Araiana SThe MMI process is actually kind of nice because you get a fresh start in every room! So if you think you messed up in one room, don’t panic, they don’t know what happened.  You have a minute to read the scenario before you go in and then you discuss it until you’ve finished answering the question or you run out of time. If you finish early, the interviewers will usually ask more about you, but it doesn’t affect their scores at all. It’s a little hard to read them because they aren’t supposed to give you any kind of feedback, but most of them are nice and encouraging throughout the process. Interviewers include faculty and professors and alumni.                                      Ariana Shakory (UD’15)

Meg ClarkAt Purdue, I had 2 interviewers that were alumni of the school ask questions about group work, how you work in a group, do you enjoy it, and do you work well with others. They also asked about scenarios like “what if you had a homosexual person in your group and others were making fun of the person, what would you do?” etc.  They asked me about stress and leadership, and brought up some of the things that were mentioned in my recommendation letters and wanted to know how I felt about them. They also asked general questions about why I wanted to go to Purdue? etc.                                                                  Megan Clark (UD’14)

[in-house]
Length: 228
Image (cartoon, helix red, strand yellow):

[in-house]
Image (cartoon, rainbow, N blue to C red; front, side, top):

12071855_10205493202874046_1266997224_nMy interview day at Western University was led by students, so it is low stress! For my actual interview, two faculty members asked questions about my personality. You are not required to talk about any of your animal experiences but could if you want to. Mainly, they want to know if you would fit well into the Problem Based Learning (PBL) curriculum that they have at Western. Experiences working in groups, with confrontation, as a leader, etc. are all questions that they ask. The interview day also includes a tour of campus, Q&A session with current students, a mock PBL session (to better understand the curriculum), and a financial aid & admissions session.                Monica Sterk (UD ’13)